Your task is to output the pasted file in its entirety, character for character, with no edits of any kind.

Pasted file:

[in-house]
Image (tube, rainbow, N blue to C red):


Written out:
[in-house]
Image (tube, rainbow, N blue to C red):